Tuesday, February 24, 2009

On childhood faith: Remembering Ash Wednesday

It’s Fat Tuesday. A day of worldwide gluttony and pursuit of pleasure before Ash Wednesday and the season of lent. Growing up in a very diverse neighborhood in SoCal, many of my friends at school were of Mexican heritage, which also meant Catholic. They went to catechism. They came to school every year on Ash Wednesday with a smudge on their forehead, a secret symbol for an exclusive club. Until my mother went through her revival of religion when I was in high school, my family worshipped the TV and observed nothing but commercialism at Christmas and Easter.

In those days we were simply protestant. Shortly after my parents split up, my mother dragged us to a church within walking distance of our apartment in Pomona. A small, A-shaped sanctuary housed the Gospel Tabernacle. I didn’t know it at the time, but it was a Pentecostal church of roof-raising proportions. Prior to attending the Gospel Tabernacle, I’d only been to church once. I was about five and all I remember was a man standing in front talking, talking, talking, my mother trying to listen, my two sisters and I fidgeting on the hard wooden pews. My Daddy picked us up afterward and I asked him why he didn’t come with us. He said, “Oh, I don’t believe in that Mickey Mouse stuff.”

That church certainly wasn’t Disneyland, not that I’d ever been, even though we could see the Disneyland fireworks every summer night from the front yard of our house in Santa Ana. Still, I wondered what Mickey Mouse had to do with church. So when the music and the singing began at the Gospel Tabernacle, the voices would cry out across the room like animated voices from a Saturday afternoon cartoon. Rounds of “hal=le-luuuuuuuu-jahs” lifted over the singing, while “Praise you, Jeeeee-sus” filled the space in between songs. Gospel Tabernacle wasn’t a placid Mickey Mouse church like the one in Santa Ana, it was a wild ride through the jungles of joy where Tarzan was expected to show at any time.

Yes. Tarzan. I really didn’t know what Tarzan had to do with church, but surely as my name was Carolyn, I heard it loud and clear over the top of the praise fest, “The king is coming! Tar-zaaaaaan is coming!” I looked around, expecting to see a wild man in a leopard loincloth swing before the faces of the faithful. When Tarzan never appeared, I chalked it up to another cartoon fantasy, as if the lady who called out for Tarzan preferred a wild human god to a talking mouse.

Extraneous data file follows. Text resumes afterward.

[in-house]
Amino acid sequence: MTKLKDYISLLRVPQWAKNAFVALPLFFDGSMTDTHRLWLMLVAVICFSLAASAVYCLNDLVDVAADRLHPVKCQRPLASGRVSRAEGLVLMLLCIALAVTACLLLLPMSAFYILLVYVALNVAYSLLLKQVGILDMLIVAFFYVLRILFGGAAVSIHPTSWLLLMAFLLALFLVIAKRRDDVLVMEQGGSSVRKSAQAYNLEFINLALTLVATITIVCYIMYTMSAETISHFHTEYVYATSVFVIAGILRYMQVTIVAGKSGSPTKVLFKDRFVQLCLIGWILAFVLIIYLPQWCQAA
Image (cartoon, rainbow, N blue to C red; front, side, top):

Years later, at a roof-rocking church in Laguna Beach, I heard about the swinging king coming again. It wasn’t Tarzan. It was Hosanna: “Blessed is he who comes in the name of the Lord.”

So anyway. We stopped going to the Gospel Tabernacle after only a few weeks and didn’t go to church again for years afterwards. I listened to my Catholic friends talk about catechism as if it were a secret club and I wished for an invitation that never came. They bragged about the fancy white dresses they wore for their first communion and primped up the fanciness when they made their confirmation. On Fat Tuesday they feasted on ham sandwiches and Hostess chocolate cupcakes, because they knew there’d be no meat for 40 days and they were giving up chocolate for lent. They would go to mass on Wednesday morning before school to receive the secret mark of the sacred.

When I was nine, I asked my mom if we could go to mass in the morning before school to get ashed. Her eyes shot forth in horror like I’d just asked if I could go to school naked.

“We are not Catholic,” she said. “That’s all hocus pocus stuff.”

I took my faith into my own hands that year, showing up in Mrs. Vargas’s fourth grade class with a great big smudge across my forehead. Several of my friends remarked that they didn’t know I was Catholic and they didn’t see me at mass that morning. I told them I went to a different parish with my dad—a boldfaced lie. In truth, I had my own private mass on the way to school. I reached into the barbeque grill beside our front door for a fingertip of ash and smeared it on my forehead.

I spent the day feeling like an insider, one of the Smudged for Jesus crowd. Knowing I couldn’t give up chocolate, I gave up TV for lent and expected to observe it. As the day wore on, I became oblivious to the smudge on my forehead. Upon returning home, my mom looked at me with wary eyes and asked what was on my face.

“Oh this?” I said, running my finger across the smudge on my forehead. “It’s my ashes.”

My mom's face went hard. “I told you we are not Catholic. Where did you get that?”

“Not in church. It’s from the barbeque. I put it on myself.”

My mom threw her pointing finger toward the bathroom. “Get in there and wash your face this minute.”

I slumped off to the bathroom and stared at myself, just as I had in the bathroom mirror at school. I licked my finger and wiped the smudge around until it faded into my skin. It was no longer visible, but I knew it was still there. My ash Wednesday was a rebellious act of faith and it was mine alone.

Friday, February 06, 2009

Okay then, the 25 random things

Back in early January, the "25 Random Things About Me" was "16 Random Things." Like a game of virtual telephone tag, the list grew from 16 to 25. I've been tagged a few more times since the meme morphed to 25, so rather than rehash more random things, I will add 9 more to my previous list of 16.